Children in adoptive families and foster care families don’t want to be there. They want to be in their birth families but sin, loss, and circumstance have intervened.

It’s not an easily resolved fairy tale.

So what does caring for the fatherless really look like?

It’s expensive and it’s paperwork and it’s waiting. A lot of waiting.

It’s loss of culture, home, food, friends, and family–pretty much everything the children have known.

It’s a lot of visits to the doctor and dentist.

It’s late nights and early mornings. It’s uncertainty and frustration. It’s loving kids who have suffered trauma and rejection and loss. It’s loving them when they reject you.

Honestly, it looks like a lot of hard work. Jesus enters into our human experience the same way–why should it be different for us?

Anyone who steps into this journey knows this–or will learn it along the way.

But in the hard work and the sacrifice, in this fight for the fatherless, God meets us, often in ways we could not have expected. And there’s a surprising joy there, too.

Not everyone is called to adopt or take in foster children but we are all called to the fight. How? Bless a family who is fundraising with a financial gift. Words of encouragement go a long way. Or bring a meal. Or childcare for an evening or a weekend. We’ve had folks drop off toilet paper, milk, and paper towels at the house.

What else could you do?

Woven Together, our county’s orphan ministry, has organized volunteers to remodel family waiting rooms at the local DCFS agency and Center for Youth and Family Solutions. They also organized a drive among several churches to collect over 80 journey bags for foster children who might be suddenly uprooted from a home with nothing but the clothes they’d be wearing. The journey bags are backpacks that include a change of clothes, pjs, a toothbrush and toothpaste, a toy or book–essentials and a few special things so the kids would have something to call their own. These are great examples that involve all kinds of people in the work of orphan care.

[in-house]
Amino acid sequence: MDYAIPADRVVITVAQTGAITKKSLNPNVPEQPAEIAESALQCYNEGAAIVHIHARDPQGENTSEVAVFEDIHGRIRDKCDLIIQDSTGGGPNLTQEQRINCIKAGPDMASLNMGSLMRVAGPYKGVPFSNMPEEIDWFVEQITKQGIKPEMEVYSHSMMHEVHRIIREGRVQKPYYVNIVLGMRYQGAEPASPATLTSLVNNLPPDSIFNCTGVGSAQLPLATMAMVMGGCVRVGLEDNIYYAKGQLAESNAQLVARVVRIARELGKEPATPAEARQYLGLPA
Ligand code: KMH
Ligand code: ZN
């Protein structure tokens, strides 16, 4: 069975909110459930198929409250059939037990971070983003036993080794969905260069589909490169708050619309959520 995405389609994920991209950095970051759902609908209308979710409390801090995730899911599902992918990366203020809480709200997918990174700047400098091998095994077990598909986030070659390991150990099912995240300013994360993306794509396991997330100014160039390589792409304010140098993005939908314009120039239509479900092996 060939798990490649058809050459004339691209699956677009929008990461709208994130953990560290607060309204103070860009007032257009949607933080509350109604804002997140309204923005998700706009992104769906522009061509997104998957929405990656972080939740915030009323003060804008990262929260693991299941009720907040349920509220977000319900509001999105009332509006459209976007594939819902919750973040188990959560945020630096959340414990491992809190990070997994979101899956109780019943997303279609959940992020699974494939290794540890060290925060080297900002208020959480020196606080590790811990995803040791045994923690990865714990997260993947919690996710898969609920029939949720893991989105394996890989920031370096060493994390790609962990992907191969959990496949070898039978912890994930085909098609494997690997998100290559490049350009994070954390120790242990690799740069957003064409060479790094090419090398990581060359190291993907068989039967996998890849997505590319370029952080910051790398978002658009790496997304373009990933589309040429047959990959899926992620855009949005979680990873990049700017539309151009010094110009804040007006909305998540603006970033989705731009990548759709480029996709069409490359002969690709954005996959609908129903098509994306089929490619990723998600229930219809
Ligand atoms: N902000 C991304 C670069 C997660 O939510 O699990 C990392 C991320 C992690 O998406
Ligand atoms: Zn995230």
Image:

Caring for orphans will not make your life better or easier or move you to Easy Street. The call to follow Jesus is a call to cross-bearing, an invitation to come and die. But those who are called often find themselves richer for having taken this journey.

In the Summit opening session this morning, Aixa Lopez, an adoptive mom in Guatemala (where adoption is very counter-cultural), commented about her own family’s journey, “Normal Christians do hard things; this shouldn’t be extraordinary.”

Amen.

VIDEO: Our Lifesong Story

Adoption is an expensive undertaking, especially international adoption. Expenses often run upwards of $30,000. But Lifesong for Orphans is doing a fantastic job of easing the burden for adoptive families.

We received Lifesong grants for all three of our adoptions, and the good people at Lifesong asked if they could share how God has worked in our family through caring for orphans. You can watch the video below (which was shown for the first time in public at the CAFO Orphan Summit in Nashville, TN, this week).

Besides their help with adoption funding, Lifesong (which is based in tiny Gridley, Illinois) is doing good work around the world. Please take a moment to visit their site and see how you can help them care for the children that Jesus loves.

Gowin Family Adoption from Lifesong for Orphans on Vimeo.

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Directed & Filmed by June Bae
Music: “The Father’s Heart” by Tony Anderson & “Coming Home” by Zachary David http://www.musicbed.com

 

This is what 19 years looks like

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Suzanne and I celebrated our 19th wedding anniversary a couple Sundays ago.

How, you ask?

It started with taking the family to church in the morning followed by lunch at home together (pictured above).